When too much Sk­il­saw is not enough

The Shed - - Shed tool test - By Jude Wood­side Pho­to­graphs: Jude Wood­side

Bruck Muench is a larger-than-life char­ac­ter with a de­vo­tion to all things Amer­i­can, es­pe­cially Amer­i­can tools. He drives a Ford pickup with the oblig­a­tory gun rack in the cab for au­then­tic­ity and has a col­lec­tion of US-brand tools. Even his dog is called Der­ringer. Nat­u­rally an ordinary saw is hardly enough for a man like that, so he had to have the Sk­il­saw SPT70V-11 Su­per Sawsquatch 165∕16-inch worm-drive saw.

The mother of all Sk­il­saws, with a blade di­am­e­ter of 165∕16 inches and a depth of cut at 6¼ inches, it dwarfs any­thing else on the mar­ket. In fact, only Makita makes a sim­i­lar saw and nei­ther it nor

the Su­per Sawsquatch is avail­able in New Zealand or Aus­tralia. Bruck had to pur­chase his on Ama­zon in the US, then im­port it along with the step-down trans­former re­quired to run the 110V saw. For all its size the saw is re­mark­ably easy to han­dle de­spite the 13kg weight. It doesn’t come with a joist hanger, but you are un­likely to use it one-handed.

More torque and qui­eter

The saw is from the Sk­il­saw sta­ble, the pro­fes­sional end of the Skil range. The Skil and Sk­il­saw brands were sold by Bosch to Cher­von, a Chi­nese cor­po­ra­tion, in 2017. The Skil brand is a con­sumer brand. Sk­il­saw is still a pro­fes­sional prod­uct and the com­pany con­tin­ues to pro­duce wor­m­drive saws. The Sawsquatch is driven by the tried-and-trusted Sk­il­saw Model 77 worm drive, which pro­vides more torque and al­lows the saw to run more qui­etly than a di­rect-driven al­ter­na­tive.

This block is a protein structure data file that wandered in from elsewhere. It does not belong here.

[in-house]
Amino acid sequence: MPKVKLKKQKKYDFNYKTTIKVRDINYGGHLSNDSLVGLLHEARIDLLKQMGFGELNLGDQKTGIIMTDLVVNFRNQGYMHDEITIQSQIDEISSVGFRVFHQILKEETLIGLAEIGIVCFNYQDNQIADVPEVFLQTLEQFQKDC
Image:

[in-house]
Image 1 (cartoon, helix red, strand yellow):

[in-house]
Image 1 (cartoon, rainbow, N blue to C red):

It has a cast mag­ne­sium al­loy base, which gives rigid­ity to the base with­out adding weight.

The saw is ideal for work­ing with heavy beams, which suits Bruck, who plans to do more work with larger beams build­ing a US-style tra­di­tional barn for a client. The 6¼-inch cut depth means that it can deal with most timbers with ease, even hard old re­cy­cled beams.

Bet­ter line of vi­sion

Most hand­held cir­cu­lar saws have the blade to the right of the mo­tor. The Sawsquatch has it on the left, as do most worm-drive and hy­poid-drive saws and an in­creas­ing num­ber of the newer cord­less saws.

Hav­ing the blade to the left gives the right-handed op­er­a­tor bet­ter vi­sion of the cut and the cut line with­out hav­ing to lean over the saw (lean­ing over the Su­per Sawsquatch is not so easy). The size helps too, as the cen­trifu­gal force that it gen­er­ates helps it to cut straight with­out any ten­dency to wan­der.

Ac­cord­ing to Bruck, “You just set it up on the line, get it get up to full speed, and the saw does the rest.”

The saw is so big that it comes with its own ‘shoe’, which locks to the base to create a dock­ing sta­tion to en­able the saw to be trans­ported or housed.

The Sk­il­saw Su­per Sawsquatch is not cur­rently avail­able in New Zealand or Aus­tralia. At present it ap­pears to be only avail­able in 110V, 15A for­mat and re­quires a step-down trans­former to be op­er­ated here.

Bruck Muench shows off his pride and joy

The Su­per Sawsquatch pow­ers through re­cy­cled rimu

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